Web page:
College athletes are teenagers growing on stage into young adults, and so there might be not much unusual that one of the players competing in a basketball game against the University of Miami here Tuesday night has spent this season becoming a man.
Except for this:
It was a women's game.
The first publicly transgender athlete in NCAA Division I basketball -- in this case a player born female and transitioning to male -- played with the George Washington University team that faced UM in an 83-62 Hurricanes victory, and the juxtaposition was notable.
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Just a few miles east, a huge crowd in a much bigger arena adored the Heat as it played the New York Knicks in an NBA game that tipped off around the same time. This was the Three-King Circus, the game with all the media and attention, the place where the national spotlight shone.
Over here, in a small campus arena, a crowd you would be generous in the holiday spirit to call sparse -- maybe a few hundred folks -- watched a player who in a very real way is having a season more remarkable than even LeBron James or Dwyane Wade.
She was Kay-Kay Allums until recently.
She is Kye Allums now after legally changing her name.
She is changing much more than that.
She has become he -- identified now as a man while competing with teammates named Sara, Kristin and Megan.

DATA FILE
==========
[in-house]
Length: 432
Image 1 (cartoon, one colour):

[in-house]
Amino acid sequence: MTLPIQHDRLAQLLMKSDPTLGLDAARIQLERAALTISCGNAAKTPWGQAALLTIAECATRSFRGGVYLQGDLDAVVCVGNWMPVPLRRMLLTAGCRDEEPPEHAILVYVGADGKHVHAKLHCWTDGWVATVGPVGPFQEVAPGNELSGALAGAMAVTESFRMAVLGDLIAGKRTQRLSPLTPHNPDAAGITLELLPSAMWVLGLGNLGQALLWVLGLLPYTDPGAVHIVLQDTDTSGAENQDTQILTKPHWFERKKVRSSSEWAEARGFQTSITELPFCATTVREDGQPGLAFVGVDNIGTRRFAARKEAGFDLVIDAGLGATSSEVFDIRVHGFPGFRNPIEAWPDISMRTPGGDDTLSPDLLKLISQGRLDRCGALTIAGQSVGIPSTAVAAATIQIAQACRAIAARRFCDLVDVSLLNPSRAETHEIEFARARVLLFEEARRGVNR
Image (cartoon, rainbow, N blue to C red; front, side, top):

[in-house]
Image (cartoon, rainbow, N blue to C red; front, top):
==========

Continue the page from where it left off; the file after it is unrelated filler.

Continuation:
NCAA rules allow biological females who identify as males to play on women's teams as long as they have not begun hormone procedures because the testosterone involved in the physical transition is a banned performance-enhancing drug.
Allums, a 21-year-old junior, is putting off the hormone procedure until after basketball, but make no mistake. He didn't allow room for any in this declarative in November: ``Yes, I am a male on a female team.''
There is nothing else quite like this in American sports.
``It's not something I can say is completely comprehended,'' as Miami coach Katie Meier put it Tuesday.
Allums is challenging perceptions. Inviting serious conversations beyond free throws and final scores.
A young woman has made the decision to become a young man, not in private, where such personal epiphanies usually are revealed only to family and friends, but in the arena of major-college sports. Allums privately told teammates last year and went public, to Outsports.com, before this season.
``It got too tough to not be me. People would call me a girl and say `she' and refer to me as someone I knew I wasn't,'' said Allums, who now goes by the masculine pronoun. ``People tried to tell me to be what I wasn't. As I got older, it became more important to be myself.''
Allums said all of this last month. On Tuesday, the school declined our desire to speak with Allums, noting he declines to speak on this subject on game days.
That's OK. I can respect the desire to not be bigger than the team and season. Besides, just doing what he is doing speaks pretty eloquently. Says plenty.